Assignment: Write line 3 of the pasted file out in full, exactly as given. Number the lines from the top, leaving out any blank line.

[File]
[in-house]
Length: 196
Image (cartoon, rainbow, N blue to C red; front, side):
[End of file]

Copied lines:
Image (cartoon, rainbow, N blue to C red; front, side):